Why would investors want to own Gilts right now?

Russ Mould
11 March 2021

“The yield on the ten-year Gilt yield has come down since the Budget, if only by a few hundredths of a percent, but Chancellor Sunak will be delighted all the same, given his comment that a full percentage point change equates to £25 billion on or off the nation’s interest bill on its debts,” says Russ Mould, AJ Bell Investment Director. “For all of Mr Sunak’s efforts to start tackling the £2 trillion-plus aggregate deficit, even he admits that spending will continue to outstrip tax receipts for some time to come, adding to that figure. This again can only fuel the debate over whether Gilts still have a place in investors’ portfolios as part of a balanced asset allocation.

“Mr Sunak did not gild the outlook for Gilts when he gave the Budget, acknowledging that borrowing would continue to rise. This asks three questions of investors who have fixed-income exposure in their portfolios: 

•    Why should anyone lend the UK money (and therefore buy its Government bonds, or Gilts) when it oh-so-clearly does not have the means to pay them back?

•    Why should anyone lend money to someone who cannot pay them back in return for a yield of just 0.72% a year for the next ten years (assuming they buy the benchmark ten-year Gilt)?

•    Why would anyone buy a ten-year Gilt with a yield of 0.72% when inflation is already 0.7%, according to the consumer price index, and potentially heading higher, especially if oil prices stay firm, money supply growth remains rampant and the global economy finally begins to recover if, as and when the pandemic is finally beaten off? Anyone who buys a bond with a yield of 0.72% is locking in a guaranteed real-terms loss if inflation goes above that mark and stays there for the next decade.

“Such concerns may be one reason why the ten-year Gilt yield has risen from last August’s low of 0.04%, although fixed-income investors are also starting to give a little more attention to inflation, too, as commodity and freight costs rise, initial frictions in trade flows result from Brexit and some industries, such as semiconductors, weigh supply shortages.

“That surge in the ten-year Gilt yield means that the paper’s price has fallen sharply since, just like equities, bond prices fall as yields rise and vice-versa:

 
Source: Refinitiv data

“This is inevitably filtering through to exchange-traded funds (ETFs) dedicated to the UK fixed income market. The price of two benchmark-tracking ETFs has fallen, albeit to varying degrees. The instrument which follows shorter-dated (zero-to-five year) Gilts has fallen just 1.6% since the August low in yields:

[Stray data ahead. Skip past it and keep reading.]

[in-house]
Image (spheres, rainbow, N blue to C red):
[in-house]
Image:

Source: Refinitiv data

“Meanwhile, the ETF which tracks and delivers the performance of a wider basket of UK Gilts (once its running costs are taken into account) has fallen 8% since yields bottomed last summer.

 
Source: Refinitiv data

“That 8% capital loss is at least a paper only one, unless an investor chooses to sell now, but the yield on offer does not come close to compensating the holder for that paper loss, which supports the bearish view that bonds now represent ‘return-free risk’.

“However, the higher bond yields go, the greater the return they offer and that means at some point investors may decide that the rewards are sufficient compensation for the risks, especially as three arguments could still support exposure to UK Gilts:

•    The market’s fears of inflation could be misplaced. Bears of bonds have been growling about record-low interest rates and record doses of Quantitative Easing would lead to inflation for over a decade – and it has not happened yet. If the West does turn Japanese and tip into deflation, even bonds with small nominal yields would look good in real terms and possibly better than equities, which would do poorly into a deflationary environment, at least if the Japanese experience from 1990 until very recently is a reliable guide.

 
Source: Refinitiv data

•    The UK’s financial situation may not be quite as bad as it seems. Yes, the national debt is growing but the Bank of England’s monetary policy is keeping the interest bill to manageable levels. The Government’s interest bill as a percentage of GDP has hardly ever been lower. That buys everyone time and is also why Mr Sunak is tinkering with taxes, to convinces bond vigilantes and lenders alike that the UK can and will repay its debts, as it has every year since 1672’s Stop of the Exchequer under King Charles II. A big leap in bond yields (borrowing costs) would be expensive.

 
Source: Refinitiv data

•    The Bank of England could yet move to calm bond markets with more active policy. Whether that soothes inflation fears is open to question but financial repression could yet come into play, supporting bond prices and reducing yields.

“In sum, there are still multiple possible outcomes – and no-one has a crystal ball. Therefore, bonds could yet have a role to play in a well-balanced portfolio over time, but it is inflation, rather than risk of default, that looks likely to be the greatest threat to any holder of Gilts.”

Russ Mould
Investment Director

Russ Mould’s long experience of the capital markets began in 1991 when he became a Fund Manager at a leading provider of life insurance, pensions and asset management services. In 1993 he joined a prestigious investment bank, working as an Equity Analyst covering the technology sector for 12 years. Russ eventually joined Shares magazine in November 2005 as Technology Correspondent and became Editor of the magazine in July 2008. Following the acquisition of Shares' parent company, MSM Media, by AJ Bell Group, he was appointed as AJ Bell’s Investment Director in summer 2013.

Contact details

Mobile: 07710 356 331
Email: russ.mould@ajbell.co.uk

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